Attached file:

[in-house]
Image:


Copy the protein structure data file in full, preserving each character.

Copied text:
[in-house]
Image: